“Transhumanism, social and philosophical movement devoted to promoting the research and development of robust human-enhancement technologies. Such technologies would augment or increase human sensory reception, emotive ability, or cognitive capacity as well as radically improve human health and extend human life spans. Such modifications resulting from the addition of biological or physical technologies would be more or less permanent and integrated into the human body.”Definition of transhumanism from Encyclopedia Britannica
This is not a universal definition of transhumanism but it captures the main idea of the project. Namely – to transcend our natural limitations with the help of various enhancements. Often we call such enhancements technologies. In the latest version of the project, such technologies are expected to become part of our bodies. However, even if they don’t, that is not what the transhumanist project hinges on. As long as humans enhance themselves and transcend at least some natural constraints, thus, no longer being subject to their restrictions, the transhumanist project is alive. This makes me think that it is not a new project for humanity. In fact, seen in this light, transhumanism appears very human.
As soon as humans started creating and using various tools and technologies on a regular basis, they transcended some of their biological limitations. But surely, there is a difference between learning to control fire and developing bionic limbs? Of course. However, I see it as a difference in degree rather than in kind. Our ability to continually design and use new and improved tools (in the broadest sense of the word) can be regarded as one of our methods of adaptation. So, whether I enhance (improve beyond what is naturally given) my sight with the help of eyeglasses or contact lenses or some new type of ‘tool’ that is inserted either into my eyes or the respective region of my brain – all this, in my view, constitutes a variation in degree, not in kind. It appears that the overall inclination to enhance our condition and reach beyond the status quo is part of what it means to be human.
Even if so, it is not a harmless trait that we can safely accept ‘as-is’ without further reflection. Perhaps exactly because it is so human and, therefore, widespread. We all have our views on what it takes to live a meaningful and flourishing life. Sometimes, some of these views clash and choices have to be made. But based on what? Which life-enhancing path is better? If we are lucky, we may start thinking about the questions before proceeding to answers.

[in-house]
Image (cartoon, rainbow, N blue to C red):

For instance, what kind of presuppositions inform our priorities when developing new enhancements? What do we value most when we design a new tool for, say, vision improvement? What makes this set of values a higher priority than another set? If we say we want to improve our lives by limiting suffering – what do we understand as suffering? Is it only physical pain? Of any kind and degree? Psychological, emotional pain? What about being constantly excited and euphoric over long periods of time (especially if we also prolong our lifespan) – might this turn into a new ‘posthuman’ form of suffering? What do we take as the ‘baseline/norm’ and what might cause it to shift over time and become a moving target?
Extending our lifespan and improving the quality of that longer life is something humanity has actively pursued for some time already. It is part of the transhumanist project, and so, a very human endeavour. But it is one thing to live a longer life, even if in good health, and another thing to live a meaningful life. Transhumanism strives to ensure the former, but is it prepared to offer the latter as part of the package? I don’t know. What I do know is that people of the future who might easily live in good health for, say, several centuries will need a sense of meaning in their lives just as we need it today, just as our ancestors needed it thousands of years before us. Perhaps transhumanists hope to enhance future humanity beyond such psychological limitations. If so, that will be a difference in kind.
If not, however, then it makes me think of the Netflix show ”Altered Carbon”. There, a class of extremely wealthy people can enhance themselves to live for an indefinite amount of years. There is a nasty side effect, though. They are incredibly bored with life and, therefore, are ready to go to any length to feel alive again. They still have not transcended the very human need for meaning and purpose.
For humans, there is a significant difference between being alive (also if in comfort and good health) and feeling alive. As long as transhumanism focuses on enhancing the state of being alive, it remains as human as ever.
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